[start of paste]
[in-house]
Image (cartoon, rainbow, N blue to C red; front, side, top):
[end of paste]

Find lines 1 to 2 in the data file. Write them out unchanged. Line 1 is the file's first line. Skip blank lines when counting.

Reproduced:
[in-house]
Image (cartoon, rainbow, N blue to C red; front, side, top):